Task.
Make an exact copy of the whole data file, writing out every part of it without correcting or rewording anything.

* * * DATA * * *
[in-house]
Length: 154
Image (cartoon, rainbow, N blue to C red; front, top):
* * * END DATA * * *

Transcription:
[in-house]
Length: 154
Image (cartoon, rainbow, N blue to C red; front, top):